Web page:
8th June

Vince, Brockers, Jake, Jon, and Nick. Doing our bit for Global Wellness Day 2024!

Wandered up to the cave before the team arrived and trimmed back the vegetation that was beginning to overgrow the path and spoil heap. When the team arrived, bags were gathered together and packed (x20) ready for refilling later.

 Jon headed off to the NE extent and I went to open a Can of Worms. Jake, Brockers, and Nick provided the support to both digs, clearing filled bags and rocks to the surface and emptying the bags. From the surface the word came back reporting the first clegs of the summer!!!

 In between loosening the sediment and filling bags I took a few images in ‘CoW’ of sediment deposition as it wasn’t too steamy at the SW extent. It is much drier and more spacious here.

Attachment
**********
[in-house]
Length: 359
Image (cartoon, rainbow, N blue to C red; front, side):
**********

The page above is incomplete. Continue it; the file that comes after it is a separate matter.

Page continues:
Annotated image of sediment deposition: yellow – roof line(s), conglomerate; black – alternate layering of fine sediments, sand, silt, clay; red – calcite [flowstone] deposits. Image taken 8th June 2024 at current extent, Can of Worms.

The digging at the SW extent in ‘CoW’ comprises of fine sediment (sand, silt, clay) deposited over layers of calcite flowstone – the upper layer of which is sometimes degraded and stained ‘black’ from mineralisation (?), the lower layer(s) appear mere ‘solid’. Between the layers of calcite are thin deposits (mm) of fine sediment and it is suggested that during the Pleistocene period of permafrost on Mendip these sediment layers froze, causing frost heave and fracturing of the calcite layers. Hammering a bar between the layers it is possible to prise loose large chunks of calcite (the edges along the fracture line are ’dirty’). It is slower progress but still moving forward.

At the end of the session, 105 bags (from both ends) were filled, hauled, and emptied plus about 20 skip loads of rock stock piled for wall building at a later date. To the Hunter’s!

A fragment of speleothem long ago fractured and detached had become transported, deposited horizontally, and calcited over. Its former ‘resting’ place can be seen as an impression in the upper calcite layer. Image taken 8th June 2024